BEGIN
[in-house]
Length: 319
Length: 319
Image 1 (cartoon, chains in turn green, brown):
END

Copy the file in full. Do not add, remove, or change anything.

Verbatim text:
[in-house]
Length: 319
Length: 319
Image 1 (cartoon, chains in turn green, brown):